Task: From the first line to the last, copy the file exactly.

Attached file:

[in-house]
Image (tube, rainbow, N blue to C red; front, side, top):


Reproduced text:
[in-house]
Image (tube, rainbow, N blue to C red; front, side, top):